April 12, 2002: a very dark day in my life. The one person that meant everything to my existence on planet earth was no longer there. Breast cancer got the better of my beloved mom Nalini and I would no longer feel her warm hug or hear her loving words.
Many experience the loss of a loved one each day, it is a process of life – but my loss felt different. Had my mom undergone early detection and timely treatment, it might have been preventable. It was the lack of awareness that made it too late.
Ever since that day, I’ve wondered what can I do to prevent others from having to go through the pain I experienced. Every 74 seconds, somewhere in the world, someone dies from breast cancer, a sobering statistic and one that I believe we can reduce. I talked to many folks and in one conversation with a neighbor, I learned about the Susan G. Komen Foundation and the 3-day 60-mile walk done across many U.S. cities to raise the awareness and funds needed for research to find new ways to treat, cure and prevent the deadly disease. My neighbor, Sarah, walked the 3- day in memory of her aunt. I made a note and pledged to walk the following year.
I talked to more family and friends and was surprised to learn that everyone knew someone diagnosed with breast cancer; the issue touched so many lives. And still, it felt like folks took it in stride, as a matter of fact, with no will to do anything to change that.
In 2008, six years after losing my mom to breast cancer, I was finally able to raise money to participate in the walk and was very fortunate to have a good friend and my mentor join me in my first ever 3-day walk. It was quite an experience to say the least. I didn’t realize what I’d gotten myself into and was not fully prepared physically to endure the 20 miles of walking per day. Emotionally, I was overwhelmed by the amount of people walking. Hearing their stories — some survivors, some still going through treatments with hope as their only remedy — made me realize that my loss was big on a personal scale but it was nothing compared to what the victims themselves were facing and the challenges they had in every step they took to finish the walk. The walk is a symbolic gesture to remind the world that so much more needs to be done while the stats and odds are against us.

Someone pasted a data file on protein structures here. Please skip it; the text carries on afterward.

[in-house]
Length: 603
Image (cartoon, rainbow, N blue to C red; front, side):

By the second day of my 2008 walk, I was thinking, “I am not going to be able to finish the journey” My feet were aching; I had blisters everywhere. Every step I took was like climbing Mt. Everest. I developed a newfound appreciation for the invention of the automobile and was beginning to believe I just didn’t have it in me to finish the task.
Somehow, God must have had a different plan for me. As I contemplated quitting, I came across a boy of maybe six years holding a sign. It said in a child’s writing, “THANKS FOR WALKING SO NO ONE LOSES THEIR MOM LIKE I DID.” That image has stayed with me. I believe it will stay with me forever. Being struck by that sight, all my pain was reduced to nothing compared to the magnitude of loss that his humble and grateful message conveyed.
I have walked twice more since then, and am committing to walk in 2020. Because no child should ever have to lose his mom. No one should ever have to ever lose their sister. No other husband should lose a loving wife. Early detection and treatment have been proven to save lives. We all have the power to change and help.
I also walk for all of my friends and family who are survivors — thankfully, the list is long. I say a prayer for those loved ones who have lost their battle with breast cancer. And I will not end my journey until I reach my destination: a world without breast cancer.
by Aashir Patel